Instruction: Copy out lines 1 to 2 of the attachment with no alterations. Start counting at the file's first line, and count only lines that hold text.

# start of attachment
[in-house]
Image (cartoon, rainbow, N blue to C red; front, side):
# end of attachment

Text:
[in-house]
Image (cartoon, rainbow, N blue to C red; front, side):